|Pappardelle with wild boar, chestnuts & parmesan|
A skilled Japanese chef in an Italian neighbourhood restaurant in Mayfair? My interest was sufficiently piqued.
Yoshi Yamada has trained in L'Atelier de Joel Robuchon in Japan and Michelin starred restaurants in various parts of Italy. He now brings his deft hand to this appetizing Italian fare at Tempo on Curzon Street.
The decor, like the clientele, is smart and stylish - turquoise velvet chairs are neatly positioned, adding a splash of vibrant colour to light floorboards, taupe walls and long, rectangular windows looking onto the well-heeled streets. Upstairs is a stunning bar area which is well worth a visit in its own right - along with other diners, my companion - The London Foodie - and I sojourned for a cocktail there after dinner. The Rococo wall, high ceilings, luxurious velvet sofas and opulent fit out make this a fabulous spot for a secluded late night drink.
The menu features an alluring selection of cicchetti (Venetian small plates, ranging from £2.25 - £3.75), carpaccio (£8.75-£9.75), antipasti (£6.50 - £12.75), pasta and risotto (£9.00 - £11.00, or £20.50 for the tagliatelle with Tuscan white truffles), pesce and carni (£15 - £19.75) and dolci (£5.50 - £7.00). Much appeals and it's hard to choose...
|Selection of cichetti: arancini di funghi selvatici, bruschetta di peperoni; crostino di gamberetti; crostini di lenticchie and brushetta di peperoni|
We start with a selection of the cichetti, and we go for everything they've got. The golden arancini di funghi selvatici (fried risotto balls with wild mushrooms and mozzarella) are lovely and crispy on the outside, but I find the flavour sadly bland. Everything else is good - bruschetta di peperoni, with shiny red slivers of sweet roasted peppers atop a creamy burrata pugliese; crunchy crostino with plump shrimp, glistening cavolo nero and just the right hit of garlic; crostini with Umbrian lentils and salty, creamy pancetta; and bruschetta with layers of fatty, spicy Calabrian pork sausage. While I think the rest of the menu is fairly priced, particularly for this neighbourhood, the cichetti seem steep in comparison, notwithstanding the quality of the ingredients - £3.50 for one arancini, and up to £3.50 for a single crostini.
A highlight is the insalata di polpo (reasonably priced at £3.75), a thick, crisp tentacle of seared octopus with thin slices of tart Granny Smith apple, flat leaf parsley and bright jewels of pomegranate.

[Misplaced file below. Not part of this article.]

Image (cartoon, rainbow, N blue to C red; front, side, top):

|Insalata di polpo|
|Fritto di calamari and bianchetti - squid & whitebait|
Deep fried squid and whitebait (£8) are well seasoned, crisp and hot, with just a light, non-greasy smattering of batter.
|Manzo - Scottish beef, hazelnuts and parmesan|
The swordfish or salmon carpaccios might have been good choices given the Japanese chef at the helm, but instead our Scottish beef carpaccio (£8.75) did not disappoint. Pink slithers of flavoursome beef were littered with smashed hazelnuts, peppery rocket and the bite of shaved parmesan cheese.
|Tagliolini with fresh Cornish crab, dill and lime|
My generous twirl of taglioni with fresh, sweet Cornish crab, dill and lime has an elegant balance of delicate flavours and is certainly enjoyable - even if I would have preferred more of a toothsome bite to the pasta (£10.75).
But for a robust, wintery dish, it's hard to go past The London Foodie's meaty mound of pappardelle with chunky wild boar ragu, chestnuts and parmesan (£8.25). A gorgeous dish.
|Pork belly with olive oil mash|
My fish stew is a delectable, soupy bowl of white fish, prawns and clams in a light tomato sauce (£17.50). The London Foodie enjoys his attractive looking, fatty pork belly with smooth olive oil mash (£18.00).
|Dark chocolate fondant with vanilla ice cream|
Which brings us to dolci. My chocolate fondant is a glorious, gooey, chocolately delight. The lemon tart which comes recommended by our waitress, oozes a fresh, lemony zing with a crunchy, creme brulee-like caramalised top, and an excellent pastry base.
|Cocktails in the beautiful upstairs bar|
Tempo has some hot competition among the ranks of Italian restaurants which have taken London by storm in the last year or so. However, I believe it can stand its ground firmly among them. It's a restaurant of both style and substance, and well worth adding to your culinary to do list.
Tempo, 54 Curzon Street, Mayfair, London, W1J 8PG (Tel: 020 7629 2742)
Greedy Diva was a guest of Tempo.